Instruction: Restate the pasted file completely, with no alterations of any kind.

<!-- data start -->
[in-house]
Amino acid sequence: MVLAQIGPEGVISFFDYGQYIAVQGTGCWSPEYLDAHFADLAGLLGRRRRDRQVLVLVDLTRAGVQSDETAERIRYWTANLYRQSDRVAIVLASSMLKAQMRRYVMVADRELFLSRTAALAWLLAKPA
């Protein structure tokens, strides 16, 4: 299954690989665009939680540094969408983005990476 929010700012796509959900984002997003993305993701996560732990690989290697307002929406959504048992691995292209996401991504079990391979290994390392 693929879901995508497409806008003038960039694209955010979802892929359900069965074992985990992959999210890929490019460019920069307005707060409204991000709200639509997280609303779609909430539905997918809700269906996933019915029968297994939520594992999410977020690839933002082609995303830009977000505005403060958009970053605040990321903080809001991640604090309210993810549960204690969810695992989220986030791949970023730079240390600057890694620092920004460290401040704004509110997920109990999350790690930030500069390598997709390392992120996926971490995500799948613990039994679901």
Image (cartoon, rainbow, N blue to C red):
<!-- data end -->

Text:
[in-house]
Amino acid sequence: MVLAQIGPEGVISFFDYGQYIAVQGTGCWSPEYLDAHFADLAGLLGRRRRDRQVLVLVDLTRAGVQSDETAERIRYWTANLYRQSDRVAIVLASSMLKAQMRRYVMVADRELFLSRTAALAWLLAKPA
């Protein structure tokens, strides 16, 4: 299954690989665009939680540094969408983005990476 929010700012796509959900984002997003993305993701996560732990690989290697307002929406959504048992691995292209996401991504079990391979290994390392 693929879901995508497409806008003038960039694209955010979802892929359900069965074992985990992959999210890929490019460019920069307005707060409204991000709200639509997280609303779609909430539905997918809700269906996933019915029968297994939520594992999410977020690839933002082609995303830009977000505005403060958009970053605040990321903080809001991640604090309210993810549960204690969810695992989220986030791949970023730079240390600057890694620092920004460290401040704004509110997920109990999350790690930030500069390598997709390392992120996926971490995500799948613990039994679901």
Image (cartoon, rainbow, N blue to C red):